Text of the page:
You are puttering along, enjoying those snuggly soft baby cuddles.
Baby stops sleeping well.
You wonder what’s going on for a few days, start Googling, and pretty soon realize your little one is smack dab in the middle of the 4 month sleep regression.
This can also happen a tad early or a tad later than 4 months (anywhere from 3 to 5 months depending), but the idea is the same.
So, how do you know if baby is going through the 4 month sleep regression?
4-month sleep regression symptoms:
Baby might not have all of these, but still be going through the 4 month regression.
- Baby started waking frequently at night
- Naps become shorter (often 45 minutes in duration)
- Baby is much more fussy, whiny, or angry and acts sleep deprived
- Changes occur in feeding patterns
- Doesn’t transition through sleep cycles like before (wakes early or halfway through naps) and can’t seem to fall back asleep
- Overall, your baby’s sleep patterns have changed for the worse and there’s a marked lack of deep sleep
This is actually pretty common with 4 month old babies.
Use this checklist to help you comfort baby during witching hours and then, soon, prevent them entirely.
If baby is between 3-5 months and suddenly hit a major rut, it’s likely the 4 month sleep regression.
New night-wakings, even as often as every 1-2 hours, waking up 40 minutes after bedtime, and cat-naps galore are all tell-tale signs. So what the heck is going on?
This means baby is far more likely to wake up between sleep cycles, begin catnapping, and start waking up more frequently at night. They aren’t able to re-settle from one sleep cycle to the next.
And, more importantly, how do you survive?
The 4 -month sleep regression is actually a misnomer. Although it feels like a huge step backwards in sleep, it is actually a developmental milestone that marks a progression in your baby’s brain development.
During this period of sleep disruption, their brains are going from a newborn sleep pattern to an adult-like sleep pattern.
This matters significantly because:
- Their circadian rhythm is now very much in-play and in rhythm with the sun, meaning they will need an earlier bedtime now and will likely start waking with the sun;
- Biological nap windows become much more important (the optimal times of day for nap sleep)
- Their sleep cycle length changes from 4-6 hours to 2-4 hours. They will be spending much more time in light sleep phases.
The last one is probably the most important in terms of the effects on their sleep. A baby that may have been doing a long 6-hour stretch at 3 months might now be waking up every 2 hours.
They will need assistance getting to deeper sleep phases more often. What worked in the newborn stage often quickly becomes unsustainable.
The 4 Month Sleep Regression
Before we go any further I think it’s important to chat about some reasons the 4 month sleep regression is worse for some babies than others.
Learn how to space naps, how many a day per age, best times, etc. and get your nap game ON!
Babies Go Through The 4 Month Sleep Regression Because They’re No Longer So Sleepy
So those early newborn days and weeks are so precious. Baby sleep easily and often and you pretty much feed him and he falls asleep and that’s that.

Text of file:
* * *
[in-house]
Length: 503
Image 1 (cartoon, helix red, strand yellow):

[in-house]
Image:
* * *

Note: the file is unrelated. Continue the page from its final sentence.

Around 4 months they are less sleepy, they need more wake time, and they stop falling asleep at the drop of a hat.
If you haven’t taught baby how to sleep on their own without you nursing or rocking them to sleep then this age is where it shows. If you aren’t able to put baby down in their crib drowsy but awake to sleep, they may have trouble getting and staying asleep.
This doesn’t mean what you did was wrong, but that four months and beyond is a different kettle of fish.
And it takes longer for baby to get into deep sleep than it did when baby was a newborn so your tricks and hoops will now become much more involved.
“To put that in perspective, if you are holding your baby to sleep, you would need to hold her for at least 30 minutes to make sure she’s in deep sleep and then she might wake up 15 minutes later. Sound familiar?” Baby Sleep Site
Here’s a handy dandy list of 28 things to try so baby will stop fighting sleep and sleep longer and later.
At 4 months, Doctors USED TO Recommend Rice Cereal…
In years past the 4 month sleep regression wasn’t quite as bit of a Thang (although it always has been one) for one reason. Moms started babies on rice cereal at this age.
➡️ So *when* the 4 month regression was related to hunger or growth spurts, this nipped it in the bud.
Now, the American Academy of Pediatrics recommends exclusive breastfeeding until 6 months of age (source).
This means if baby is waking early and more frequently and you want to rule out hunger, you can feed more often and build that milk supply up to the necessary levels.
Perhaps baby needs more frequent feeds for a few days or longer feeds at each nursing session. Trial and error should help you get the right amount. And then, in a month or two, when you add solids or purees, you’ll be able to rule out hunger completely.
Follow your pediatrician’s advice, obviously, but be careful not to rule out hunger. If you add in more feeds and are sure baby is full, you can rule out hunger.
Baby Is Taking 45 Minute Naps
If baby used to nap for long stretches, but is now waking after 45 minutes, the first strategy you should run towards is feeding more often.
➡️ One of the major ways the 4 month old sleep regression shows itself is by babies waking up after only 45 minutes.
Assume that baby is hungry and simply feed baby as soon as he wakes. If you keep this up for a day or two and notice your baby doesn’t want to feed at these times, then it’s likely a sleep issue, not a hunger one.
If you keep this up for a day or two and baby seems to lengthen his stretches of sleep instead of continuing with the 45 minute intruder, then you have your answer.
Baby was hungry, your milk supply was low, baby was having a growth spurt, or all of the above.
What To Do When Baby Wakes After 45 Minutes:
- Throw out your routine for a few days and feed baby immediately after he wakes. Try to give baby a full feed and not let him fall back asleep while nursing, which can be contributing to sleep props as well as not getting to the more nutritious hind milk.